2018's Biggest Apple Leaks: iPhone XS and XR, iPad Pro, Macs, and More
As 2018 comes to a close, it's a great opportunity to take a look back at the year that was. Yesterday we shared our review of everything Apple announced during the year, and today we're taking a look at the rumors and leaks that gave us details on Apple's plans ahead of those announcements.
This year saw the typical iPhone, iPad, and Apple Watch updates, although there were a few wrinkles thrown in with the new iPhone XR size, a redesigned iPad Pro without a Home button, and some changes to the Apple Watch with larger displays and thinner bodies.
The Mac side also saw some interesting rumors and product releases, with major improvements to the MacBook Air and the Mac mini coming alongside minor enhancements for the MacBook Pro, but unfortunately a few of Apple's Mac lines like the iMac and MacBook didn't see any updates.
Below we've rounded up some of the most interesting and notable leaks and rumors for 2018, organized by product.
2018 in Rumors
Following the September 2017 launch of the iPhone X, attention quickly turned to Apple's 2018 iPhone lineup, and usual suspect Ming-Chi Kuo was quick to outline Apple's plans for a larger 6.5-inch model and a lower-cost 6.1-inch LCD model, correctly predicting a number of details about the devices including a full-screen design with notch, rough pixel density, and general pricing range for what would become the iPhone XR.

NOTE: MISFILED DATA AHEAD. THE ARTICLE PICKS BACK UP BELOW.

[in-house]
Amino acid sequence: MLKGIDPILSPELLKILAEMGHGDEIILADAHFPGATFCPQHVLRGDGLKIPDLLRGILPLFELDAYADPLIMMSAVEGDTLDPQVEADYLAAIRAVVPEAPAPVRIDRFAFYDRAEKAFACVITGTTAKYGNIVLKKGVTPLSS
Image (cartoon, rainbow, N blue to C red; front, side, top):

In January, Kuo weighed in with a few more details about the iPhone XR, including its single-lens rear camera, aluminum frame, 3GB of RAM, lack of 3D Touch, and pricing. The claim of no 3D Touch was met with considerable skepticism, but it did in fact turn out to be true, with the iPhone XR offering a scaled-back Haptic Touch feature.
A month later, Bloomberg's Mark Gurman revealed that the iPhone XS Max would have a resolution of 1242x2688 and that it would be available with dual-SIM capabilities and a new gold color option. Apple itself revealed an unreleased gold version of the iPhone X that was submitted to the FCC in September 2017 and which became public in April 2018.
In early April, we also got word that a launch of (PRODUCT)RED iPhone 8 and 8 Plus models was imminent, and this indeed turned out to be true, with Apple offering a new mid-cycle color option to benefit a worthy cause.